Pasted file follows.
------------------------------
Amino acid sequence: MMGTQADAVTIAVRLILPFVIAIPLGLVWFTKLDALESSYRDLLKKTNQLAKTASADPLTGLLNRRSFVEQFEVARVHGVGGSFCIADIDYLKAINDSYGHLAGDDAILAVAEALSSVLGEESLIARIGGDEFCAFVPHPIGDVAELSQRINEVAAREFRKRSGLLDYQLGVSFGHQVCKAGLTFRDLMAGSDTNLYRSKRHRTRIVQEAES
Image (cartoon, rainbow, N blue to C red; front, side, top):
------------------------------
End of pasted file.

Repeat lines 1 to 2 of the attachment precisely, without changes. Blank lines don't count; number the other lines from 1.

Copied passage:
Amino acid sequence: MMGTQADAVTIAVRLILPFVIAIPLGLVWFTKLDALESSYRDLLKKTNQLAKTASADPLTGLLNRRSFVEQFEVARVHGVGGSFCIADIDYLKAINDSYGHLAGDDAILAVAEALSSVLGEESLIARIGGDEFCAFVPHPIGDVAELSQRINEVAAREFRKRSGLLDYQLGVSFGHQVCKAGLTFRDLMAGSDTNLYRSKRHRTRIVQEAES
Image (cartoon, rainbow, N blue to C red; front, side, top):